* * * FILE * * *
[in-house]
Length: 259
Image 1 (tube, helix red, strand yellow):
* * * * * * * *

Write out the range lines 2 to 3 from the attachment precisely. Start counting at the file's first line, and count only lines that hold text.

Length: 259
Image 1 (tube, helix red, strand yellow):